It's important to ensure that you have the correct type of converter for your application. If your car is OBD I compliant, you can use any EPA or CARB approved OBD I converter. If your car is OBD II compliant, your cat must be OBD II approved. As a general rule, any car 1996 or newer is OBD II and any car 1995 or older is OBD I. However, some cars were OBD II compliant as early as 1994, so double-check the underhood emissions sticker. The difference between OBD I and OBD II cats is bigger than you might think.

OBD II cats are required to remove about 90 percent of emissions, while the OBD I cats are only required to remove 70 percent. So, put an OBD I cat on an OBD II car and you might fail your emissions testing.

After removing the OEM cat, we welded and bolted up an OBD II Magnaflow ceramic-core catalytic converter in place of the stock one. With the Magnaflow cat installed, the Honda turned the rollers to the tune of 150hp and 107 lb-ft to the wheels. The ceramic-core cat netted us an additional 3hp and 2 lb-ft to the front wheels. Obviously, this cat really can flow more than stock.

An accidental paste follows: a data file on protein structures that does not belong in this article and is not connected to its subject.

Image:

Next up was the metallic core Magnaflow OBD II cat. Because metallic cats can take more abuse and richer AFRs (and generally flow more), these are often the choice of the performance-minded tuner. After much cursing and a bit of charred flesh, we put the fancy metallic-core cat onto the Civic. Apparently, the metallic core unit does indeed flow slightly better than the ceramic unit. But when we say slight, we mean slight. The metallic core cat netted us a 1hp gain (to 151hp) and no increase in torque over the ceramic core. So, unless you are running a rich AFR (like in a boosted application) the extra cost of the metallic core might not be worth it. However, if you are running a rich mixture, the metallic cat is still your best bet.

With the testing of all three cats out of the way, it was time to unplug the exhaust and let her rip without that pesky brick in the exhaust. No matter how you cut it, a cat is a restriction and costs power, right? With the moment of truth at hand, we bolted in our test pipe - eliminating the cat entirely. On our final pull we stood eagerly by the dyno's monitor, waiting to see the results. Wait ... here it comes ... 152hp and 108 lb-ft - a gain of one measly horsepower and one lb-ft of torque at the cost of breaking the law.

The Lowdown